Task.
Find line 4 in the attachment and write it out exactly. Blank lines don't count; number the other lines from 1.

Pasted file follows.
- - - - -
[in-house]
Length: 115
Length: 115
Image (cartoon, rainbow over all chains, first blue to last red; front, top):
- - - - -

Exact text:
Image (cartoon, rainbow over all chains, first blue to last red; front, top):